It’s no wonder patients are beginning to doubt the benefits of statin drugs. Not that I think in this instance doubt is a bad thing… not at all!
The fact is, when it comes to cholesterol-lowering statin drugs there are plenty of confusing messages out there… and as always it looks like patients are drawing the shortest straw.
At your own peril
Take the risk of type 2 diabetes for instance. In 2012, the American Food and Drug Administration (FDA) approved important safety warnings for statins, including the increased risk of developing type 2 diabetes.
Since then, this risk has been established time and again by numerous studies… A case in point: A Finnish study, which included 8,749 non-diabetic men, found that those who took the statin drugs simvastatin or atorvastatin were 46 per cent more likely to develop type 2 diabetes and those on higher doses were at even greater risk.
More recent research published in the journal Drugs and Ageing, found that women over the age of 75 had a 33 per cent higher risk of developing diabetes if they were taking statin drugs.
First of all, many experts warn that patients over the age of 65 should not be prescribed statin drugs. That’s because of the associated risks of muscle deterioration, muscle weakness and fatigue, liver toxicity, memory loss and gastrointestinal distress.
So, the mind boggles as to why any doctor would prescribe statin drugs to a patient over the age of 65… and basically speed up the ageing process!
That issue set aside, here’s where things really get confusing.
Despite the clear risk of type 2 diabetes, Britain’s National Institute for Health and Care Excellence (NICE) issued guidance in 2014 making 40 per cent of adults eligible for statins.
The NICE guidelines recommend that all men aged over 55 and women over 65 are encouraged to take statins to stave off fatal cardiovascular disease, especially those who have a greater than 10 per cent risk of a heart attack or stroke.
So, what is it? Do these drugs increase the risk of diabetes or don’t they? Should everyone over the age of 65 be given statin drugs or shouldn’t they?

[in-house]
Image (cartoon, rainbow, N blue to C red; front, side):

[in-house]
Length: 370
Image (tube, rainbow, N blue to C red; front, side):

Perhaps, if we really want an answer about who should be taking statins, London cardiologist Dr Aseem Malhotra might give us some clues: “Millions see them [statin drugs] as a magic pill but they are not… research shows you are more likely to develop irreversible Type 2 diabetes than prevent a non-fatal heart attack [when you take statins] if you are at low risk.”
Professor Markku Laakso, a specialist in the genetics of type 2 diabetes, has more to add: “The association of statin use with increased risk of developing diabetes is most likely directly related to statins decreasing both insulin sensitivity and secretion.”
And Dr Malcolm Kendrick, author of The Great Cholesterol Con, said: “Ironically diabetes triples the risk of heart disease for men and multiplies it by five for women, so the very drugs given to prevent heart disease may well be causing it in, potentially, millions of people.”
He added: “Many researchers have been aware for many years that the true rate of side effects from statins have been hidden and under-reported.”
Well, say no more…
Did you find this information useful?
Then why not get more expert health recommendations just like this delivered direct to your inbox?
"It is truly refreshing to read a newsletter on the topic of alternative medicine which is scientifically based and reviewed by professionals..." - Robert SinottWe respect your privacy and will never share your details with anyone else.
Disclaimer: Bear in mind the material contained in this article is provided for information purposes only. We are not addressing anyone’s personal situation. Please consult with your own physician before acting on any recommendations contained herein.
Older women taking statins face higher risk of diabetes, published online 15.03.2017, medicalxpress.com
FDA Drug Safety Communication: Important safety label changes to cholesterol-lowering statin drugs, published online 28.02.12, fda.gov
How statins can cause diabetes: Pills raise the risk of getting disease by 46 per cent, published online 05.03.15, express.co.uk